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Parenthood in the Local Church


When my husband and I first came to understand Reformed Theology, we were in what I call our “Little Years.” My oldest son was a year old, I was pregnant with our second, and a couple years later I would have our third. I’m grateful for God’s timing in this, because as my husband and I were growing in our theology and knowledge of God, our children were too little to understand all of the trial and error in how we applied this to our parenting. We understood that the gospel changes everything. We understood that the gospel should be applied to our discipline, to our meal times, to our bed times, to our play times, indeed to all of our time (Deut. 6:7). But what exactly was that supposed to look like? To that, we had no idea.

With the help of many resources such as books, church, small groups, conversations with those who were older and had gone before us as well as those who were discovering along with us, our Christian worldview started to shift and we began to understand (albeit never perfectly and always reforming even still today) how to share this with our children. The conversations at first were awkward. Very awkward. But through practice and persistence and much prayer, the conversations flow more naturally now, and as a bonus, our gospel conversations with adults have become more natural as well.

There is no “One Way” to share the gospel with our children. There is no “One Way” to teach our children diligently. Families, children, are unique and distinct in the way God has created them. We are many members of one body (1 Corinthians 12). But what is commanded for us all is that we ARE to teach our children all God has commanded and to talk of these things not once or twice a week or just on Sundays, but diligently (Deut 6:7). The Webster’s 1828 dictionary defines “diligently” as this: “With steady application and care; with industry or assiduity; not carelessly; not negligently.” This is a constant, careful, purposeful application and teaching of God’s truths to our children.

Before you throw this out as a series only for moms and dads, let me suggest that Deuteronomy 6 is not just for parents. Hebrews 10:23-25 says: “Let us hold fast the confession of our hope without wavering, for he who promised is faithful. And let us consider how to stir up one another to love and good works, not neglecting to meet together, as is the habit of some, but encouraging one another, and all the more as you see the Day drawing near.” This verse is to ALL of God’s people. The same way a parent can speak truth and encouragement to a college student or the elderly, the college student or elderly can speak truth and encouragement to a parent. We are to stir up fellow brothers and sisters who are parents to love and good works, even if we are not parents ourselves. We are to stir our children up to love and good works, even if they are not our own. We are a covenant community of believers, and this command is for us all: consider how to stir your fellow brethren in love and good works. This series may not be applicable to your own particular circumstances, but God can certainly use it in your life to encourage your fellow brother or sister (parent or child)!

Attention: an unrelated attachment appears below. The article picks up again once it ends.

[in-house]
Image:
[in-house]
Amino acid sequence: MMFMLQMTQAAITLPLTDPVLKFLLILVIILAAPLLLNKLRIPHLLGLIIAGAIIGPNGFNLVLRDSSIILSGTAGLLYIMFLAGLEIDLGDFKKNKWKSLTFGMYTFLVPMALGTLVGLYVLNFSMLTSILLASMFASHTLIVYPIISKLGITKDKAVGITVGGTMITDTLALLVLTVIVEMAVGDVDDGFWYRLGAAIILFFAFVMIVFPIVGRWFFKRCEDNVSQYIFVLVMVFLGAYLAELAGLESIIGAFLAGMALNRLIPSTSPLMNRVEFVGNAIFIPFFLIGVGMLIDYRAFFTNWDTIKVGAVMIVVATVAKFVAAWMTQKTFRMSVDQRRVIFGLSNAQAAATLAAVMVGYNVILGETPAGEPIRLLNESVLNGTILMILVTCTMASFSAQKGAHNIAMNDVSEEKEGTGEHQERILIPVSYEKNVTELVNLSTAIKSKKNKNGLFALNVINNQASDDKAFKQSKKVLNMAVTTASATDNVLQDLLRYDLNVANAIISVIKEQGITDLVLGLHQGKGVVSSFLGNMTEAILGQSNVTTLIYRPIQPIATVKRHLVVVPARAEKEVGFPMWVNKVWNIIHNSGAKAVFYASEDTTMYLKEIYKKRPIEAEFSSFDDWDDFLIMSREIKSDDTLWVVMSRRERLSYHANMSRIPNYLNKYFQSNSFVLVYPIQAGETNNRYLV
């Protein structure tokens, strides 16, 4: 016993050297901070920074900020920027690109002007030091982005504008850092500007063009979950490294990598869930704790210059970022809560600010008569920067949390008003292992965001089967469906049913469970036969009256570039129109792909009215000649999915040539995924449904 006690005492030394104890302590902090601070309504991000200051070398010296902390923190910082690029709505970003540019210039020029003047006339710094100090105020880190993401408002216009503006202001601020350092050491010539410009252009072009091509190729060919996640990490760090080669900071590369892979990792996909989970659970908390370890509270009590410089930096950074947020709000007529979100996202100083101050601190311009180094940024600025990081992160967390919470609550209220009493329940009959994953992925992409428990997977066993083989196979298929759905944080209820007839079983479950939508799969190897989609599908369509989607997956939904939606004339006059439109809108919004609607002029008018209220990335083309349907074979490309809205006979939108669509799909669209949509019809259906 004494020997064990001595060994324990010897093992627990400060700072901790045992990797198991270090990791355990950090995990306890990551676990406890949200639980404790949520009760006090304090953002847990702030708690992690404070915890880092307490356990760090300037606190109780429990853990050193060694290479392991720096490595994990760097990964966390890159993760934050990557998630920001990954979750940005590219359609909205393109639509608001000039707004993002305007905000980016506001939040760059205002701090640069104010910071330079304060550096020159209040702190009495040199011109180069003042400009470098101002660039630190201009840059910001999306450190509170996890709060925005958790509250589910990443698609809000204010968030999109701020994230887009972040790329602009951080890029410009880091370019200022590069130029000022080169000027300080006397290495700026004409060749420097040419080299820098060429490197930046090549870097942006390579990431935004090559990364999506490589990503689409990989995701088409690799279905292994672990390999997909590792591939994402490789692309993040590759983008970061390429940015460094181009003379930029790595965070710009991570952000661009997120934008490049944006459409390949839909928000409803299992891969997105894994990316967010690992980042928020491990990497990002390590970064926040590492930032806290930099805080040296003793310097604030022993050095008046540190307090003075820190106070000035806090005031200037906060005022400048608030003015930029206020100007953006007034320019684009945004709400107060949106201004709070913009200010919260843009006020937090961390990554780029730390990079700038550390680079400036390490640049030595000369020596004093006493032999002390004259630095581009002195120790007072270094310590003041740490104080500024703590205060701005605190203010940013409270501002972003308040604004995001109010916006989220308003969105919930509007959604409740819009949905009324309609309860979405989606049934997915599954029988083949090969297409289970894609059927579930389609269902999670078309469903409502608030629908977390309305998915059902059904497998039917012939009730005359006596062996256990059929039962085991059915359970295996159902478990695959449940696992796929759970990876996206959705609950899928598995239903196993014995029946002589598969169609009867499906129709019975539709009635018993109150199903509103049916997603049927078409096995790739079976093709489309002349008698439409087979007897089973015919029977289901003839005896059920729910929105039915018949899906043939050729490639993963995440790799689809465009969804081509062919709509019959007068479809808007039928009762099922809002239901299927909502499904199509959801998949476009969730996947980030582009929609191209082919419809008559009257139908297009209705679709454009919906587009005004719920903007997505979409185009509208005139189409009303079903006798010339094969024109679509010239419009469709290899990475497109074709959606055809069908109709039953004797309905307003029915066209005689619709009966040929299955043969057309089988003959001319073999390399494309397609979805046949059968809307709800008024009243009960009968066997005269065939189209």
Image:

Without those resources I mentioned above, my husband and I would not have had the faintest idea of where to start with any of this, and so God has placed it upon my heart to catalog some of the things we and other parents have learned along the way, to share with others what others have taught us, in an effort to continue to pass the Gospel onto future generations. I pray God will bless you, and His future generations, with this series!

  1. What IS the Gospel? And how do I teach it to my children?
  2. Family Worship
  3. Circle Time
  4. Catechism
  5. The Gospel in Discipline and Training
  6. Encouragement - Patience and Persistence
  7. Resources/Book List


Thank you for the transparency and encouragement.
So well written and said Beverly. What a great resource for parents and grandparents as well.

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